It’s easy to take even the best weight plates for granted. After all, it’s just a disc (sometimes called bumper plate) that you slide onto a barbell during strength training or weights-based cardio sessions. But these versatile weight plates can be a superb addition to your home gym.
"But all weight plates and disc are all essentially the same, right?" Wrong, because they differ in size, weight, colour, shape and materials, all of which have a fairly substantial effect on how they can be used. There’s nothing more frustrating than buying an Olympic weight disc when your barbell or dumbbell sleeve is only large enough to fit those with a 1-inch diameter. Returning those heavy puppies can be physically and financially draining. Trust me.
It’s equally annoying when you invest in solid steel discs that mark a wooden floor and make a hell of a racket, when you are, in fact, looking for something more stealthy. Similarly, the smooth surface of an Olympic disc is not particularly conducive to curling or pressing. If you fancy a bit of that, there are particular discs that come with rubber handles exactly for that purpose. After all, what is the point of having the best weights, and the best barbells, if you add crappy plates to them? EXACTLY.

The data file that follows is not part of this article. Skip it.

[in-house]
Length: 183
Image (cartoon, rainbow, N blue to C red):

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The best weight plates to buy, in order of preference
Manufactured from a high tensile rubber, these Eleiko training discs are built to withstand a beating, yet come with competition-level features, such as the raised coloured numbers and markings for easy weight identification.
Eleiko makes some of the highest level fitness equipment out there but it tends to come at a price. On the upside, it’s of the highest quality and these discs are no exception. Just bear in mind they are sold individually.
Mirafit’s Competition Olympic Bumper plates adhere to IWF standards, which means they are accurate within +/- 10g of the stated amount. This is likely useless to most readers, but it does mean the quality of craftsmanship is excellent.
On top of this, each plate is deliberately narrow, meaning you can load more on to a standard barbell, while the large chrome plated steel insert ensures the weight retains its shape after numerous drops and bangs. Perfect for the serious platform and powerlifters out there.